California's Q1 2021 local one-cent sales and use tax revenue was 9.5% higher than the same quarter in 2020.
(July 29, 2021) — Public agencies across the Golden State are continuing to rebound from the financial impacts of the COVID-19 lockdown. The state’s local one-cent sales and use tax revenue from January to March 2021 was 9.5% higher than the same quarter in 2020, despite agencies across the state experiencing uneven gains. “Overall, California is experiencing a fairly strong recovery,” Andy Nickerson, President and CEO of HdL Companies commented.
Based on the latest data from the California Department of Tax and Fee Administration, the Bay Area, Central Coast and metro areas of Southern California experienced losses. Meanwhile, the inland regions of Sacramento, San Joaquin Valley, the Sierras and the Inland Empire experienced gains of 22.1% in revenue.
“This disparity is evident not just among regions, but also entire industries with similar trends of past quarters appearing yet again,” Nickerson continued. “Some specific spending categories continue to experience solid growth while other categories continue to struggle.”
Strong performance by the auto/transportation and building/construction industries helped push overall receipts higher. Weak inventories and scarcity for products increased the price of both new and used vehicles, RV’s, boats, and lumber which were a major driving force for higher tax revenues. E-commerce sales also continued to rise, as did brick and mortar retail sales, which collectively showed solid improvement of 11% statewide.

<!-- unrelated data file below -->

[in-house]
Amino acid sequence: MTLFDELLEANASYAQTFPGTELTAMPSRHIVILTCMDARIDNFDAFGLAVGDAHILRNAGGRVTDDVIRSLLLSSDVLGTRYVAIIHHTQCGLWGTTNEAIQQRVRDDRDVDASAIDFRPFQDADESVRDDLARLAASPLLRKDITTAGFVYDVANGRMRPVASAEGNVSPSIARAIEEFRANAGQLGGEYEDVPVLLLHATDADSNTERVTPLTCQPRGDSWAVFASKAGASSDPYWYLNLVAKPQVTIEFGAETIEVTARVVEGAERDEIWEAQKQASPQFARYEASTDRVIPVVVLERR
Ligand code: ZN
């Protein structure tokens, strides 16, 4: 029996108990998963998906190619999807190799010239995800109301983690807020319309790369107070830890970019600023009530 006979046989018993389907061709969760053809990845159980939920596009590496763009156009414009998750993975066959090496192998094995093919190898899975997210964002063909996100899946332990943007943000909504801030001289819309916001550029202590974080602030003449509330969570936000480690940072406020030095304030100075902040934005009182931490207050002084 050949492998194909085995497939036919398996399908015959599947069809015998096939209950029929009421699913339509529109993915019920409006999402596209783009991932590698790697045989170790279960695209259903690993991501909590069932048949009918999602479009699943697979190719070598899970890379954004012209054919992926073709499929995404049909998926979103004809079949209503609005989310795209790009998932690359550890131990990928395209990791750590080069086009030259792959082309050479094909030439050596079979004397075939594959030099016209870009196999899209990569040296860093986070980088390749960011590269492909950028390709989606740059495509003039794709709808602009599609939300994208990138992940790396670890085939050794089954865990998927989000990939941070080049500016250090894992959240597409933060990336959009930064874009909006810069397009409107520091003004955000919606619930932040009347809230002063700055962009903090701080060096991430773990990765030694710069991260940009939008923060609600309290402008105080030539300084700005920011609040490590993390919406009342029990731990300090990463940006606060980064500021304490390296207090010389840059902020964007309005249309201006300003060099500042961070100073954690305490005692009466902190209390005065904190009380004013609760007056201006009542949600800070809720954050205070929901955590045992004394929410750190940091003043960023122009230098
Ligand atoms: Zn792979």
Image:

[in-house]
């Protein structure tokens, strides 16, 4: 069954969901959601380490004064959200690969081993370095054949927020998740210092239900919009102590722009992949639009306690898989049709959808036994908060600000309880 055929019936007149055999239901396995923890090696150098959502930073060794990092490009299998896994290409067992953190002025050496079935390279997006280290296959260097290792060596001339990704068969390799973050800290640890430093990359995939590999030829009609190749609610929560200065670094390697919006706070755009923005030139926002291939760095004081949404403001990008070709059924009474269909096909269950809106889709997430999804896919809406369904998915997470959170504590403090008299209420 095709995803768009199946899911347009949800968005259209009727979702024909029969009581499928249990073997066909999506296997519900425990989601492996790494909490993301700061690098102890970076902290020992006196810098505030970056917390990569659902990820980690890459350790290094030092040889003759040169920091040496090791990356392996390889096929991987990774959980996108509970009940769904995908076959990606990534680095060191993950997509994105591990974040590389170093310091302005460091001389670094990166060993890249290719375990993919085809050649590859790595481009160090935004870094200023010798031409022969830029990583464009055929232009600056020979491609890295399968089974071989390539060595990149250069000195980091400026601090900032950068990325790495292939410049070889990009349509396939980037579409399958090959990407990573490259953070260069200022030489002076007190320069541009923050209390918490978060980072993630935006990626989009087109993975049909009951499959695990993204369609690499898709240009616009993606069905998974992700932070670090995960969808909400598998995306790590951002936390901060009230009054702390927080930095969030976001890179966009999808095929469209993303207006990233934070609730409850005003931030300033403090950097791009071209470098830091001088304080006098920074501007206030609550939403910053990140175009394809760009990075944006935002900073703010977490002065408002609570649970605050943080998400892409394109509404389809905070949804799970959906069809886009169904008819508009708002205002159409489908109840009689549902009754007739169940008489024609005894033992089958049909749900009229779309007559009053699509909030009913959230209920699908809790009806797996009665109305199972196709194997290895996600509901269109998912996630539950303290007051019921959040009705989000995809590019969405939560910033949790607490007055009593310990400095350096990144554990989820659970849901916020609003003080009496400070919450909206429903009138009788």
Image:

Although indoor dining resumed in many California counties, restaurant and hotel recovery still lagged behind other major categories. Similarly, while commuters and travelers slowly began returning to the road and taking flight in early 2021, the rebound for gas stations and jet fuel trailed too. However, HdL expects both industries to see revenues climb in the coming quarters as more workers return to offices and summer tourism heats up.
“Looking ahead, we’re anticipating sustained growth through the end of 2021,” Nickerson concluded. “Pent up demand for travel and experiences are likely to begin shifting the consumer’s dollars away from taxable goods, which could have a positive outcome on tourist communities within the state. All the while, public agencies will need to continue evaluating their sales tax strategies, economic development strategies and revenue measures to adjust to these changes.”
A complete table of sector and regional data is available by clicking HERE.
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